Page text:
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On January 6th, the regime media, and even much of the Republican Party, immediately declared the Capitol riots an “armed insurrection,” an assault on democracy, and the worst day for the republic since Pearl Harbor or even the Civil War.
For months, Revolver has been doing the investigative work that America’s hundreds of other news outlets are too corrupt or too cowardly to perform themselves. We have watched the tape, read the indictments, dissected the news reports, and punctured the narratives.
By now, the sum total of Revolver’s work is long enough to fill a short book. So here, we have collected all of our 1/6 reporting into a single spot, with short summaries for ease of reference.
Where it all began. In the days after the Capitol incursion, deceased Capitol Police officer Brian Sicknick became the Little Saint Hugh of anti-Trumpism. Outlets from The New York Times to the USA Today pushed the narrative that justified the largest criminal manhunt in U.S. history: That Sicknick was bludgeoned to death by a mob of violent Trump supporters.
The famous “fire extinguisher” myth was debunked quickly, yet for weeks on end no further details came out. Why, Revolver asked, did authorities seem so hesitant to release any autopsy of Sicknick? Why was the press reporting Sicknick’s death before his family even knew about it, and in fact, before Sicknick was even actually dead? Why did “Sicknick was killed by a MAGA mob” gradually become “Sicknick died after physically engaging a MAGA mob”? With this first piece, Revolver began the process of blowing 1/6 wide open.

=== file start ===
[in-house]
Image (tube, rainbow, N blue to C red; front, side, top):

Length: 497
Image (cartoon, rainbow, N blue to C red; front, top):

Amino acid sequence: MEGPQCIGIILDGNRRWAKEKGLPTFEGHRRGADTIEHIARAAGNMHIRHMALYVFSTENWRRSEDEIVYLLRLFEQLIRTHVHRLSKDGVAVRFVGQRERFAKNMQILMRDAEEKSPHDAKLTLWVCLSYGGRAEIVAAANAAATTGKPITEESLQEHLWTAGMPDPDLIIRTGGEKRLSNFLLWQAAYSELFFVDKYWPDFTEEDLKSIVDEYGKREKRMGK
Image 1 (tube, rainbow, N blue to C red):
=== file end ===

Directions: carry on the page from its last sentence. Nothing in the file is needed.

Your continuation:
After Revolver’s first report, the Times updated its primary article on Sicknick’s death to note that “new information has emerged” that “questions the initial cause” of Sicknick’s death, an elaborate way of admitting they had initially presented outright fabrications as gospel truth. But in an effort to head off too many questions, outlets like Media Matters and TPM warned that Revolver was part of a brewing “Sicknick truth” movement. While the regime media fought hard to embed a particular narrative in the public’s mind, Revolver noticed the peculiar slowness with which serious criminal evidence was being introduced to the public. Very soon, it would become clear why the FBI wasn’t releasing much evidence: Because what they had was embarrassingly weak.
Three weeks after Revolver‘s initial report, the first big breakthrough came. Newly-leaked information revealed that any effort to turn Sicknick’s death into a murder charge was doomed. The “fire extinguisher bludgeoning” was reduced to a non-lethal attack with a non-lethal weapon resulting in non-lethal charges against the perpetrator. The press strongly implied that this non-lethal weapon was bear spray, but as Revolver pointed out, no actual evidence confirmed that implication. Future developments would once again prove Revolver correct.